So too Thucydides, who tried first and hardest of his day to understand and extricate the PROCESS of history, its tendons and tensions. True, he largely adhered to the style of his time while he was doing it – most noticeably, the speeches. We all know about speeches: both Thucydides and Herodotus, and generations of ancient historians after them (most skillfully and memorably Livy), they all put long and eloquent invented speeches in the mouths of all their historical players major and minor, and they did so without footnote or qualifier. They did this not only because their written records were so spotty as to be nonexistent but also because even when there WERE semi-accurate records of what important people said at important moments, the quotes they actually spoke were no different than the ones important people speak today: largely boring. Who wouldn’t like a President Clinton who didn’t always sound like he was parsing a legal document? Who wouldn’t think better of George W. Bush if he spoke every day the way he does every year at the State of the Union? Quotability and eloquence on demand are enviable traits given to very few, but Thucydides’ Athenians, like every other audience in history, wished their forefathers all had the gift, as befits their exalted place in history. Hence the speeches.
Jennifer Tolbert Roberts, in her fine introduction to this Norton Critical volume, makes the essential argument pretty cogently:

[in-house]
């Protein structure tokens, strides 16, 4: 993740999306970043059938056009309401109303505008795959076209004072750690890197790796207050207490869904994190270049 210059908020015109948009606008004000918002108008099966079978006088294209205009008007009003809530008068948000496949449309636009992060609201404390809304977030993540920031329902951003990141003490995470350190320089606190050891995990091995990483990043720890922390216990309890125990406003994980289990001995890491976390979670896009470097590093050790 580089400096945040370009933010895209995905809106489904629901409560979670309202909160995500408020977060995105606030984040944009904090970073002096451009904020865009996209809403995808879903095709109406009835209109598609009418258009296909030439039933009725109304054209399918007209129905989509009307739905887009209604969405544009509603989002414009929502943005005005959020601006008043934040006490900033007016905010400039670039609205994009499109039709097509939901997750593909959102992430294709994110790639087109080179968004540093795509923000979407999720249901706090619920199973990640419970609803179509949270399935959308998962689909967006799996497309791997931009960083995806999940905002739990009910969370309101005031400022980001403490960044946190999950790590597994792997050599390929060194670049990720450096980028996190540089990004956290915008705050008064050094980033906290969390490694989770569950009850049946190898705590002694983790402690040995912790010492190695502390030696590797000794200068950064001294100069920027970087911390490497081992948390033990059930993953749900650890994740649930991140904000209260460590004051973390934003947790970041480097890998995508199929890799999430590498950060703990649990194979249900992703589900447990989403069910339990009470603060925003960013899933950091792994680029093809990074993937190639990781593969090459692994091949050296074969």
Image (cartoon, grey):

“To Twentieth Century readers, this habit of Greek and Roman historians appears peculiar; today it marks a work as historical fiction – or as history written for children. Ancient readers thought differently. They knew perfectly well that the words they encountered in these speeches were not likely to be the actual words spoken, even in those rare cases where the historian was actually present (as Thucydides surely was, for example, at many of the speeches given in Athens prior to his exile). By the insertion of speeches in dramatic form, Thucydides and other ancient historians were able to give their text a transparent feel, breaking down the barriers that divided their readers from the actual events described.”

Take for instance the pep-talk Athenian general Nicias gives his men on the eve of their doomed expedition in 413: